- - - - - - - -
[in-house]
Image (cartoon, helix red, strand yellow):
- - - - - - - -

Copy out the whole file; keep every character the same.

[in-house]
Image (cartoon, helix red, strand yellow):